How To Break Out Of A Slump Without Working Yourself To Death
Seven mental shifts to set you on a new path
Eight of us sat in a circle, each taking a turn to read a synopsis of our work. Jane volunteered to go first. She introduced herself and boasted of an award she won for a screenplay several years earlier. She then read her synopsis and waited for the conference leader’s assessment.
Sarah, the conference leader, spoke firmly but respectfully. Jane’s plot lacked plausibility and needed more conflict.
Jane turned defensive. She repeated her credentials, emphasizing her award. Sarah maintained her position. I could see Jane’s forced restraint, hiding the tears and anger.
During a break, Jane talked about her award and admitted to falling into a slump since her career highlight. But a few others in the group offered poor advice. They told her not to listen to the harsh feedback and went on to decry the conference leader’s criticism of their stories.
All this begged the obvious question. If they were so opposed to criticism, why would they attend a writer’s conference designed to offer criticism?
Seeking out and accepting feedback is one of the seven mental shifts that enable you to pull yourself out of a slump, mediocrity, or stagnation. I’ve been guilty of all seven at some point in my life. So, if any of these resonate with you, know you’re not alone.
1) Take responsibility
If you find yourself uttering any of this self-talk, take a pause and recalibrate your reality.
“They don’t recognize my excellence.”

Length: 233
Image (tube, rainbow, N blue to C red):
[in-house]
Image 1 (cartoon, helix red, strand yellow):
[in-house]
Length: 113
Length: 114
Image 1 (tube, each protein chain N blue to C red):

“If only I had [some privilege] others enjoy, my results would soar.”
“I do phenomenal work, but [some entity] is fighting against me, holding me back.”
Perhaps you’re the next Van Gogh, and your genius won’t gain recognition until after your death. That’s possible, but for every Van Gogh, a million self-proclaimed unrecognized superstars live under the false belief that the world isn’t ready for their brilliance.
If your results fall short of expectations, take responsibility. Don’t blame the world or outside forces. Taking ownership of your failure is the first step to setting yourself on a new path.
2) Admit to mistakes and learn from them
When I worked in sales, my manager had us spend thirty minutes in a hot seat after the close of business. Each of us spent five minutes sitting in front of our peers while he tore apart our calls and pointed out every mistake.
Here’s what I learned from that process.
- The most successful people showed eagerness to learn and embraced the lessons no matter how damaging to their ego.
- The unsuccessful people made excuses, fought back, and interpreted the constructive criticism as personal attacks.
I don’t know what you do, what skill you desire to excel at, but I know you make mistakes. Everyone does. Analyze your work. Pick it apart. Find a partner to help you, as it’s often challenging to discover and recognize errors in your work. Embrace your failures as learning opportunities.
Always have the humility to admit you’re still a student of whatever profession or art you wish to excel.
3) Invest in yourself
Investing in yourself almost always pays dividends, yet many folks are unable to justify the expense. They think they can do it all on their own or they reason they’re good enough.
A while back, I hired a copy editor to help me with my blogs. I also hired a developmental editor to help me with my fiction. These were investments I made in myself.
Both of these experts uncovered deficiencies I never knew existed. I gained insight that would have taken me years to learn on my own.